When I said that "an exception to a rule cannot 'prove' it (at least not in the modern sense), it can only DISprove it, a former colleague of mine at SUNY Oswego and a very good friend scoffed at me and said that it certainly could. I replied that an exception can only show that the "rule" is not a rule. He refused to be logical, although he was a Professor of English. But the use of the word "proves" in the old slogan does not mean that the rule has been proven in the modern sense, but in the archaic sense of "tests":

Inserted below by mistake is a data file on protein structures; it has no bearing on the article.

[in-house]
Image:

The Book of Literary Terms: The Genres of Fiction, Drama, Nonfiction, Literary Criticism, and Scholarship, by Lewis Turco, Hanover: University Press of New England (www.UPNE.com), 1999. ISBN 0874519543, cloth; ISBN 0-874519-55-1, paper. A companion volume to The Book of Dialogue and The Book of Forms. A Choice “Outstanding academic title” for 2000.